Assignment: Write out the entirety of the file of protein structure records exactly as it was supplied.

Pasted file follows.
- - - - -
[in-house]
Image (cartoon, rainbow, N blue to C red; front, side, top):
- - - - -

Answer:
[in-house]
Image (cartoon, rainbow, N blue to C red; front, side, top):